ABC News’ Mary Bruce and Devin Dwyer Report:
In a campaign-style speech in the battleground state of Pennsylvania, President Obama today urged lawmakers to extend and expand the payroll tax holiday, questioning Republicans’ priorities as he accused them of protecting the interests of the wealthy over the needs of the middle-class.
Speaking at a high school in Vice President Joe Biden’s hometown of Scranton, the president said the economy would be dealt a “massive blow” if Congress failed to act and allowed a payroll tax cut to expire at the end of the year. “I hope that they don’t want to just score political points,” the president said of his Republican rivals. “This cannot be about who wins and loses in Washington. This is about delivering a win for the American people.”
Lawmakers are set to vote on the president’s proposal this week but remain sharply divided over Obama’s plan to pay for it with a 3.25 percent surtax on millionaires. Although some Republicans have come out of exin support tending the payroll tax holiday, they oppose any new taxes to pay for it.
Today the president made clear he stands by his plan to offset the expansion by asking “wealthy Americans to pay their fair share.”
“Are you willing to fight as hard for middle-class families as you do for those who are most fortunate? What’s it going to be?” Obama asked of Republicans.
“Republicans said they’re the party of tax cuts. That’s what they said. A lot of them have sworn an oath to never raise taxes on anybody as long as they live. That doesn’t square with their vote against these tax cuts,” Obama said. “How is it that they can break their oath when it comes to raising your taxes, but not break their oath when it comes to raising taxes for wealthy people? That doesn’t make any sense.”
Republicans are quick to note that they have been trying to work with the White House to find a compromise. “The president’s remarks were somewhat puzzling since we told him 75 days ago that we stand ready to work on jobs bills that represent common ground, including this idea. Though we’ve not heard back, the invitation to get together still stands,” a spokesman for House Speaker John Boehner, R-Ohio, said.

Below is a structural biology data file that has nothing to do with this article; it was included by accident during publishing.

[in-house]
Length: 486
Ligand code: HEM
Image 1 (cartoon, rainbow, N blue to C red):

Obama said today that he is going to give Republicans a second chance to “redeem themselves” and vote on the tax cuts. “They may have voted no on these tax cuts once, but I’m already filled with the Christmas spirit. … I want to give them another chance,” the president said. “If they vote no, your taxes go up. Vote yes, you get a tax cut. Which way do you think Congress should vote?”
Today marked the president’s eighth trip to the key swing state of Pennsylvania this year. While the visit was an opportunity for Obama to make a pre-election pitch aimed at white working-class voters, the White House denied the visit was political.
“The president has traveled to many communities across the country to make the case for the American Jobs Act, and the extension and expansion of the payroll tax cut to benefit middle-class families all across the country. Certainly, a community like Scranton seems like an appropriate place for us to have that debate,” White House Deputy Press Secretary Josh Earnest told reporters today.